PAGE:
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Discus Care Guide

Table of Contents

  • Discus Overview 
  • Common Names: Discus, Discus Fish, Pampadour Fish

  • Scientific Names: Symphysodon discus

  • Size: 8 – 10 inches

  • Minimum Tank Size: 75 gallon

  • Care or Experience Level: Difficult/ Advanced

  • Preferred Diet: Omnivorous

  • Original Part of the World: Amazon River Basin in South America

  • Aggression Level: Peaceful

Discus Behaviour

While Discus species are beautiful to look at, they don’t have a distinct personality. Discus are generally peaceful and calm. They tend to be shy and choose to spend most of the time staying close to each other floating in the aquarium. Additionally, they interact with their surroundings as they look for food and shelter.

However, since they are cichlids, they can be aggressive toward one another, especially males during spawning and the mating period. During this period, you should remove the shy or submissive fish if they cannot compete.

Like all cichlids, there can be competition in the shoal and have a pecking order. Therefore, if you have smaller fish, you will need to monitor them to make sure they can eat.

As part of their personality trait, discus can be quite picky in their diet. This behavior can be frustrating because they need a consistently good diet to stay healthy. If your discus is a picky eater, you need to clean the tank and carry out regular tank maintenance to remove uneaten food.

Furthermore, if you notice that your discus is a picky eater, you should space out the feeding time more. Their metabolism is faster; therefore, they will need food in a couple of days. You can alos try different types of foods to push your fish to eat. Try and feed them a large variety of foods until you get the most ideal for your discus.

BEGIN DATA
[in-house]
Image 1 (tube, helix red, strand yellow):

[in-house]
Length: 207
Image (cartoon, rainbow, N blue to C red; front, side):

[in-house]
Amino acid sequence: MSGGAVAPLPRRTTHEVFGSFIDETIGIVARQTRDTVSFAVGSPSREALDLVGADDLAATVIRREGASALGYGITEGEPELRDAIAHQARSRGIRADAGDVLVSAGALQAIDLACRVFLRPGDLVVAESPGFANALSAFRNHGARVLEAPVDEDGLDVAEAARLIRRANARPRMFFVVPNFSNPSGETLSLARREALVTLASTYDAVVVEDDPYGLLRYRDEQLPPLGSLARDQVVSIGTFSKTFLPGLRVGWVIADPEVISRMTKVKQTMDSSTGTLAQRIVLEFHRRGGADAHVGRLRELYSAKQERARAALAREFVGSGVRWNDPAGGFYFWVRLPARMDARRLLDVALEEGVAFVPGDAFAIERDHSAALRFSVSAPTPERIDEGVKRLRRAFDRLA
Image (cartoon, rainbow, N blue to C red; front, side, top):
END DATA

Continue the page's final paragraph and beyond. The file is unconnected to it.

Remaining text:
Discus Appearance

Commonly referred to as the “King of the Aquarium,” Discus fish is one of the most beautiful freshwater fish available for a home aquarium. These species have been extensively bred due to their spectacular array of patterns and color combinations.

They are large, have a circular shape, and have stunning variations, which has made them popular with most aquarists. They are larger than most tropical fish and will light up any room they are placed in.

Discus need a lot of care; otherwise, their beautiful colors might start changing if you don’t do this. Ideally, discus fish species should get more colorful as they age; therefore, something is wrong if they start losing colors. Your discus will lose its beautiful colors due to age, diet, stress levels, tank conditions, sickness, or bullying.

The majority of the wild discus fish species have a red eye as a primary characteristic. However, the available discus today are mostly domestically bred mutations; therefore, the eye can be yellow, red, or albino.

When choosing discus for your aquarium, you should check and confirm that the eye is bright and clean. This is important because the eye can be used as a good indicator of the age and health condition of the fish.


Compared to other aquarium fish species, they are relatively large. Discus grows to about 8 inches (20.3 cm) long and 8 inches high. They are laterally compressed; therefore, they are very tall instead of wide.

Discus Tank Conditions

Every fish species has different tank requirements that you need to provide for the fish to survive. If you are keeping discus in your aquarium, here are the tank conditions that you need to pay attention to.


To keep your discus fish happy, you need to raise the water temperature. These fish species survive best in temperatures between 85 to 86°F (28-30°C). While this is higher than most tropical fish who prefer 78 degrees, it’s necessary because if you keep discus in lower temperatures than this, it becomes a source of discomfort, and they will not fare well.